There is little money or glamour in the life of a privateer racer.
At home, he has no internet or television - just a coffee pot.
After being a rockstar cowboy on Saturday night, on Monday mornings
he is just a guy changing swimming pool filters
or helping out at the farm.

James Monaco with his extensive, factory-supplied development team, flown in every weekend in helicopters: one of the many lavish bonuses thrown at flat track racers. [James Monaco]
James is on his knees changing gearing,
as if praying to the gods of speed.
It's after qualifying and as he works,
he tells me that he didn't want to bump down to singles class,
how he dreamt his whole life to race the premier twins class.
Realizing there are only so many factory seats and motorcycle industry sponsorships,
he reached out of the box to find sponsorship help from the agricultural
industry, to a company named 'Pure Crop'.
Which makes a natural plant-based biostimulant, insecticide and fungicide made
of food grade oil with zero OSHA rating, that is safe for children and pets.
James is a fourth generation almond farmer aware of what Pure Crop does.
I give James credit for chasing down a unique sponsor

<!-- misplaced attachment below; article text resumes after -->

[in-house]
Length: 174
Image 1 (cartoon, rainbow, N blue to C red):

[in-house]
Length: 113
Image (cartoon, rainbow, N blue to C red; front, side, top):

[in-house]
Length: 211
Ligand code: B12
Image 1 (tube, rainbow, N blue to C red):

to keep his dream alive. James knows he might not ever get rich racing but
he's living a life others only dream of.

James Monaco is chasing his dreams. [James Monaco]


Michael Lawless [@electric_horseman], our 'Poet of Packed Earth', is the Flat Track Editor for, and has his own blog: Electric Horseman

Hooligan Racing: Gateway Drug to Flat Track

It's hard to get started in off-road motorsports unless you've grown up around them. What's an urban cowboy to do? Motorcycle dealerships don't sell race-ready flat trackers.  When I queried, a used 450cc race bike was recommended as a starting platform. Several racers offer to sell me their old machines ($4-6k range). The upside was 'ready to race!', while the reality was 'ridden hard and put away wet'.  Another path is building your own racer from a new 450cc motocross bike (about $15k) . Either way seemed an expensive gamble - what if I didn't like racing, or couldn't hang?

I took the quick and easy path. In the 1930s, riders simply removed the lights from their street bikes to go racing. Why not buy a 400cc dual-purpose motorcycle? I could try flat track racing, and if I didn't like it, I could always use this as my street bike.